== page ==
Measles infected nearly 10 million people in 2018 and killed 140,000, mostly children, as devastating outbreaks of the viral disease hit every region of the world, the World Health Organization said on Thursday.

In figures described by its director general as “an outrage,” the WHO said most of last year’s measles deaths were in children under five years old who had not been vaccinated.

“The fact that any child dies from a vaccine-preventable disease like measles is frankly an outrage and a collective failure to protect the world’s most vulnerable children,” said the WHO’s director general Tedros Adhanom Ghebreysus.

The picture for 2019 is even worse, the WHO said, with provisional data up to November showing a three-fold increase compared with the same period in 2018.

The United States has already reported its highest number of measles cases in 25 years in 2019, while four countries in Europe — Albania, the Czech Republic, Greece and Britain — lost their WHO “measles-free” status in 2018 after suffering large outbreaks.

An ongoing outbreak of measles in South Pacific nation of Samoa has infected more than 4,200 people and killed more than 60, mostly babies and children, in a battle complicated by a vocal anti-vaccination movement.

Globally, measles vaccination rates have stagnated for almost a decade, the WHO said. It and the UNICEF children’s fund say that in 2018, around 86% of children got a first dose of measles vaccine through their country’s routine vaccination services, and fewer than 70% got the second dose recommended to fully protect them from measles infection.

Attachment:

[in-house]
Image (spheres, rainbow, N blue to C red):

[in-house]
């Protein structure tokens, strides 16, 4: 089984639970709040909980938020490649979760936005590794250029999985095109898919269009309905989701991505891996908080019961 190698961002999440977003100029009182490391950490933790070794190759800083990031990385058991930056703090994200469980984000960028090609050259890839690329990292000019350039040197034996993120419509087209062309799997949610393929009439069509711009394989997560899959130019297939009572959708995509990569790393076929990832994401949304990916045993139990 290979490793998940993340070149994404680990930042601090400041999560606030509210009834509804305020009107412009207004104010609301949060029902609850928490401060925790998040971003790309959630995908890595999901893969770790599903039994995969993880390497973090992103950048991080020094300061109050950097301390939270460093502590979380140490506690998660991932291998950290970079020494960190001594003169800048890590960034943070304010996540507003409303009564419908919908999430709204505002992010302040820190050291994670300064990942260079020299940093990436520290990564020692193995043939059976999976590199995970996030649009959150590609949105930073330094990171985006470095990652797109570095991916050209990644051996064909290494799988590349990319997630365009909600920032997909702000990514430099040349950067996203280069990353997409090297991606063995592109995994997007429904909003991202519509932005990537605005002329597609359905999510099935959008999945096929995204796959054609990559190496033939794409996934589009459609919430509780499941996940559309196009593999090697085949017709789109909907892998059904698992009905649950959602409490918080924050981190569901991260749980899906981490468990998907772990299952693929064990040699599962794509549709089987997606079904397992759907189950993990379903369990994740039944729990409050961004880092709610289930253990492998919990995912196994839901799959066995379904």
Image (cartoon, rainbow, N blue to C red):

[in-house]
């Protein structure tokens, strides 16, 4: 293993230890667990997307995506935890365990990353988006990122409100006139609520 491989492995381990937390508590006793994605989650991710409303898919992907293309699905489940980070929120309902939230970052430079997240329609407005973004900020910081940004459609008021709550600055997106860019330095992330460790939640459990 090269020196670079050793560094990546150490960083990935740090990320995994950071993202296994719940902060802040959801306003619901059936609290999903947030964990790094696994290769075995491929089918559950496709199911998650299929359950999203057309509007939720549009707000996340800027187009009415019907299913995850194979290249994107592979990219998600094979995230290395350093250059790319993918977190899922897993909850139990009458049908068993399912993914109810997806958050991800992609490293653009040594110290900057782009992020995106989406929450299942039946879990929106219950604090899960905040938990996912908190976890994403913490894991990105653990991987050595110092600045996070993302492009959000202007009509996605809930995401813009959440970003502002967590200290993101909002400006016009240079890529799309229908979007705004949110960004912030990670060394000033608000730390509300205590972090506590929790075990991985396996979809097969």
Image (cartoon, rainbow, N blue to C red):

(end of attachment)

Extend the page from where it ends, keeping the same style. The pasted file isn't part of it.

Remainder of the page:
Highly contagious

Samoa Measles
A child gets vaccinated at a health clinic in Apia, Samoa. Samoa. VOA

Measles is one of the most contagious known diseases — more so than Ebola, tuberculosis or flu. It can linger in the air or on surfaces for several hours after an infected person has been and gone — putting anyone not vaccinated at risk.

In some wealthier nations, vaccination rates have been hit by some parents shunning them for what they say are religious or philosophical reasons. Mistrust of authority and debunked myths about links to autism also weaken vaccine confidence and lead some parents to delay protecting their children.

Research published in October showed that measles infection not only carries a risk of death or severe complications including pneumonia, brain damage, blindness and deafness, but can also damage the victim’s immune memory for months or years — leaving those who survive measles vulnerable to other dangerous diseases such as flu or severe diarrhea.

The WHO data showed there were an estimated 9,769,400 cases of measles and 142,300 related deaths globally in 2018. This compares to 7,585,900 cases and 124,000 deaths in 2017.

Also Read- UN Aims at Curbing Carbon Emissions Globally

In 2018, measles hit hardest in Liberia, Democratic Republic of Congo, Madagascar, Somalia and Ukraine, the WHO said, with these five nations accounting for nearly half of global cases.

Robert Linkins, a specialist at the U.S. Centers for Disease Control and Prevention, said the data were worrying: “Without improving measles vaccine coverage we’re going to continue to see these needless deaths. We must turn this trend around.” (VOA)